HB 2066

This analysis was prepared by non-partisan legislative staff for the use of legislative members in their deliberations. This analysis is not a part of the legislation nor does it constitute a statement of legislative intent.

As Reported by House Committee On:

Public Safety

Title: An act relating to restrictions on driver's licenses associated with certain criminal offenses.

Brief Description: Addressing restrictions on driver's licenses associated with certain criminal offenses.

Sponsors: Representatives Davis, Pellicciotti, Goodman, Appleton, Sutherland, Graham, Klippert, Leavitt and Pollet.

Brief History:

Committee Activity:

Public Safety: 2/19/19, 2/21/19 [DP].

Brief Summary of Bill

  • Narrows the circumstances in which a driver's license must be revoked pursuant to a conviction for a felony in which a motor vehicle was used to apply only if the sentencing court has ordered the driver's license revocation.


Majority Report: Do pass. Signed by 9 members: Representatives Goodman, Chair; Davis, Vice Chair; Klippert, Ranking Minority Member; Sutherland, Assistant Ranking Minority Member; Appleton, Graham, Lovick, Pellicciotti and Pettigrew.

Staff: Kelly Leonard (786-7147).


A person may not drive a motor vehicle on a roadway in Washington without having a valid driver's license. It is a criminal offense for a person to drive a motor vehicle while his or her driver's license is suspended or revoked.

The Department of Licensing (DOL) is required to revoke a person's driver's license when he or she is convicted of certain criminal offenses, including:

When a person is convicted of any felony in the commission of which a motor vehicle is used, other than the specific offenses listed, the revocation lasts for one calendar year. After the revocation period has expired, the person must reapply to the DOL in order to receive a driver's license. The DOL must be satisfied with the applicant's driving ability, and the applicant must provide proof of insurance and pay a reissue fee of $75.


Summary of Bill:

When a driver is convicted of any felony in the commission of which a motor vehicle is used, the DOL is required to revoke the license only when the sentencing court has entered an order requiring the revocation. Provisions requiring revocation for other specific offenses are unchanged.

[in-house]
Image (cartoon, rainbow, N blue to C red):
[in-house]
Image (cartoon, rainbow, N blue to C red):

Appropriation: None.

Fiscal Note: Requested on February 18, 2019.

Effective Date: The bill takes effect 90 days after adjournment of the session in which the bill is passed.

Staff Summary of Public Testimony:

(In support) This legislation arose from the concerns of a sitting superior court judge and other practitioners. Under current law, the DOL is required to revoke a license for a defendant convicted of any felony in which a motor vehicle was used. The nature of the use of the vehicle can be very minimal. For example, it could simply mean that stolen goods were found in a vehicle. In addition, the defendant could have been a vehicle passenger, rather than the driver. The judge has no discretion in determining whether it is appropriate to revoke the license. Mandatory revocation is overly broad and unnecessarily harsh in some cases. People still need to go to work, school, and medical appointments.

The bill appropriately provides the judge with discretion to determine whether a driver's license should be revoked on a case-by-case basis. This is the right thing to do.

The bill helps address a broader policy effort to reduce the application of Driving While License is Suspended offenses, and otherwise helps to reduce the impact of those offenses on the poor. This effort will help ensure that law enforcement can dedicate their limited resources to more serious offenses.

(Opposed) None.

Persons Testifying: Representative Davis, prime sponsor; Eric Gonzalez Alfaro, American Civil Liberties Union of Washington; Paul Benz, Faith Action Network; and Alex Hur, Washington Defender Association and Washington Association of Criminal Defense Lawyers.

Persons Signed In To Testify But Not Testifying: None.